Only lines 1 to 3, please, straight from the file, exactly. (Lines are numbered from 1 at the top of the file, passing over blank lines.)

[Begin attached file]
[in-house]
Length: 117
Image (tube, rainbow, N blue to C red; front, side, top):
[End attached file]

[in-house]
Length: 117
Image (tube, rainbow, N blue to C red; front, side, top):